— Nadia Bolz-Weber, Pastrix, p. 186-187

[Photo: Hug Point, Oregon, November 10, 2015]

Carried

Sunday, May 20th, 2018

He will carry us in his arms till we are able to walk; he will carry us in his arms when we are weary with walking; he will not carry us if we will not walk.

Very different are the good news Jesus brings us from certain prevalent representations of the gospel, founded on the pagan notion that suffering is an offset for sin, and culminating in the vile assertion that the suffering of an innocent man, just because he is innocent, yea perfect, is a satisfaction to the holy Father for the evil deeds of his children. . . . The good news of Jesus was just the news of the thoughts and ways of the Father in the midst of his family.

— George MacDonald, The Hope of the Gospel, p. 81-82

[Photo: Burg Dahn, Germany, July 1997]

The Wideness of the Tent

Saturday, May 5th, 2018

This desire to learn what the faith is from those who have lived it in the face of being told they are not welcome or worthy is far more than “inclusion.” Actually, inclusion isn’t the right word at all, because it sounds like in our niceness and virtue we are allowing “them” to join “us” — like we are judging another group of people to be worthy of inclusion in a tent that we don’t own. I realized in that coffee shop that I need the equivalent of the Ethiopian eunuch to show me the faith. I continually need the stranger, the foreigner, the “other” to show me water in the desert. I need to hear, “here is water in the desert, so what is to keep me, the eunuch, from being baptized?” Or me the queer or me the intersex or me the illiterate or me the neurotic or me the overeducated or me the founder of Focus on the Family.

Until I face the difficulty of that question and come up, as Philip did, with no good answer . . . until then, I can only look at the seemingly limited space under the tent and think either it’s my job to change people so they fit or it’s my job to extend the roof so that they fit. Either way, it’s misguided because it’s not my tent. It’s God’s tent. The wideness of the tent of the Lord is my concern only insofar as it points to the gracious nature of a loving God who became flesh and entered into our humanity. The wideness of the tent is my concern only insofar as it points to the great mercy and love of a God who welcomes us all as friends.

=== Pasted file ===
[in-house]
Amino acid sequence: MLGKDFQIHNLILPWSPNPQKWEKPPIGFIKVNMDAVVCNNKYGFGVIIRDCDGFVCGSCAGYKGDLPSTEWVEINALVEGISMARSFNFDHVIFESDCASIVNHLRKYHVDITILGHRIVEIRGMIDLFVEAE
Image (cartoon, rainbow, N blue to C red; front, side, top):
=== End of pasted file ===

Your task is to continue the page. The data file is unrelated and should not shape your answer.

— Nadia Bolz-Weber, Pastrix, p. 94

[Photo: Meadowlark Gardens, Virginia, April 3, 2012]

The Good News

Wednesday, May 2nd, 2018

Atonement theories are not the gospel. Across the New Testament, while metaphors do appear to hint at the “how” of atonement, the emphasis is not on these symbolic explanations, but on the story itself. Preaching the gospel never meant theorizing how atonement happens but, rather, proclaiming good news: the events and impacts of Christ’s life, death and resurrection.

— Bradley Jersak, A More Christlike God, p. 230

[Photo: Meadowlark Gardens, Virginia, April 3, 2012]

A Lovely Light

Wednesday, April 25th, 2018

We do not draw people to Christ by loudly discrediting what they believe, by teling them how wrong they are and how right we are, but by showing them a light that is so lovely that they want with all their hearts to know the source of it.

— Madeleine L’Engle, Walking on Water, quoted in Madeleine L’Engle, Herself, compiled by Carole F. Chase, p. 155

[Photo: South Riding, Virginia, March 16, 2015]

At-one-ment

Monday, April 2nd, 2018

With all my heart, and soul, and strength, and mind, I believe in the atonement (all it the a-tone-ment, or the at-one-ment, as you please). I believe that Jesus Christ is our atonement, that through him we are reconciled to, made one with God. There is not one word in the New Testament about reconciling God to us; it is we that have to be reconciled to God.

— George MacDonald, Unspoken Sermons, Third Series, “Justice,” quoted in Discovering the Character of God, compiled by Michael R. Phillips

[Photo: Keukenhof, Holland, April 17, 2004]